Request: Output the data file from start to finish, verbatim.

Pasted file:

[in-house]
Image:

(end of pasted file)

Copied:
[in-house]
Image: